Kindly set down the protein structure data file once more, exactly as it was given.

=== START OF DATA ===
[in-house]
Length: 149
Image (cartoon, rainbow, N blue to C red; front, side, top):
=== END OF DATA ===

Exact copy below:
[in-house]
Length: 149
Image (cartoon, rainbow, N blue to C red; front, side, top):